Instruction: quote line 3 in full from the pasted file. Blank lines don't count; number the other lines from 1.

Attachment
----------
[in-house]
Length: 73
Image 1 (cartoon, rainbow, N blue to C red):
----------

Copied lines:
Image 1 (cartoon, rainbow, N blue to C red):